February 1 was a significant day for me (and not because it’s the start of my birthday month, though I hope it proves lucky). It’s the day I began to query agents about my novel, Maharishiville. Which means my wonderful editor feels the story is ready for publication. Which means I finally worked on those revisions she gave me last April when she said I was close, very close, like 95% there.
Back then, I’d felt I was getting close because I’d gathered a few of what we writers refer to as “good rejections.” But something was missing and I wasn’t sure what it was. I was published in nonfiction but new to novels, so I turned to the professional editor for help. And, thankfully, she shed light on the solution. I agreed with her suggestions wholeheartedly, and the changes weren’t even that complicated.
Why, then, did it take me six months to get around to making them?
The easy answer (not the real answer, mind you) was, I was busy. I said yes to co-coordinating this writers conference. And yes to co-authoring this nonfiction book. And yes to a big copywriting project. I said yes to just about anything that captured my interest other than the book. I even started this graduate program. Seriously, I went back to Grad School (and it wasn’t even for creative writing). I kept saying I wanted to revise the novel, but I was doing everything but that. And eventually, my plate overloaded, something had to give.
September found me overwhelmed and unhappy, with no one to blame but myself. And then I happened upon this gem of a book, written by award-winning mystery author Nancy Pickard and therapist Lynn Lott. The title may be The Seven Steps on the Writer’s Path, but the message is appropriate for anyone endeavoring to create anything (be it a manuscript or a change in life).
The first thing I learned was that unhappiness was Step One, and it was necessary and should be welcomed. (Well, so far, so good for me.) But I had trouble with Step Two: Wanting. A lot of people do. We’re taught that wanting is greedy and not attractive (I already have so many blessings in my life, who am I to want more?). As instructed, I labeled a piece of paper “I WANT” and began to list things without thinking. It became very obvious that what I wanted, more than all my other interests, was to write novels. I knew I reached Step Three, Commitment, when I changed my daily schedule (novel revisions began at 6 a.m. every weekday) and my job description (I am no longer a Copywriter, an identity I’d been clinging to because I was successful at it; I am now solely a Writer). It became clear that my too-busy-to-revise antics of the prior six months had been a form of Step Four: Wavering. I got close to my novel goal and I got scared. Maybe of failing. Or maybe of succeeding. (I think, actually, it was a little of both.) But learning from the book, I was able to Let Go (Step Five) — of expectations, self-doubt, comparisons, etc. — and become happily Immersed (Step Six) in my novel again.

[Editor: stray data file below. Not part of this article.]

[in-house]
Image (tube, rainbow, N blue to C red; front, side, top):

I incorporated the revisions (they took less than three months once I started!), had my editor re-read it and made a few more minor adjustments. And then it was ready. I’d arrived at Step Seven: Fulfillment.
Then, when it was time to write that query letter, wouldn’t you know it, I started getting “too busy” again. Luckily, I now know that we circle back through the seven steps over and over again. It’s just part of the process. But if we can recognize it, we’ll move through the steps that much faster. So I only stalled for a few days, and then yesterday I wrote the email. And I hit SEND. And then an agent emailed me back requesting three chapters.
It was a great start to February.